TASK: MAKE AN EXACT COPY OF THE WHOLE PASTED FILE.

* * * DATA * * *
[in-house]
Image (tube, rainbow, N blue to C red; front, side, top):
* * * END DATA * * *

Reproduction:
[in-house]
Image (tube, rainbow, N blue to C red; front, side, top):